Does your makeup contain mica? | fashion trends
While naturally glowing skin has its own allure, the lure of glittery makeup products for an instant makeover is unbeatable. Whether you’re using highlighter on your cheekbones or shimmering eyeshadow on your lids, glitter can make everything glam. But do you know what makes these products shine? Mica – a mined mineral that is associated with environmental, ethical and even child labor issues. According to a report by a Dutch group on mica mining, of all forms of hazardous work, mining is by far the most dangerous for children. But unfortunately children are specially employed for mica mining in states like Jharkhand and Bihar as they can easily maneuver in the narrow mines and reach small spaces.
As a result of this issue, several makeup brands have pledged not to use mica and instead use synthetic mica, known as fluorphlogopite. Here are some Indian and international brands that ship to India that are straying from unethical practices.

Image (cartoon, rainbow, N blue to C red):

A Mumbai-based brand, Kiro Clean Beauty, uses ethically sourced raw materials, including mica. Their in-house cosmetics are 100% vegan, cruelty-free, and paraben-free.
An American vegan, natural and gluten-free beauty brand, Red Apple Lipstick, sources all its ingredients in the United States and some in Europe and Canada. Their mica sourcing process does not involve child labor and is purchased from places where workers are paid fairly.
An American vegan makeup brand, Clove + Hallow, claims not to use child labor and sources mica from its own country, instead of Africa or India, where its mining involves child labor . When it comes to packaging, they use post-consumer recycled plastics, bioplastics, infinitely recyclable glass, and refillable options for their products.
Own supply chain
An American brand, Au Naturale, offers a line of clean beauty cosmetics. Their micas are child labor free, sustainably mined, processed and distributed around the world. Suppliers do everything, from harvesting and processing to distribution, in-house.
Fat and the Moon, a bath, body and beauty company rooted in herbal traditions, uses synthetic mica in its products. The mica used by this American brand is created in the laboratory and not extracted. It is made from natural ingredients that mimic extracted mica.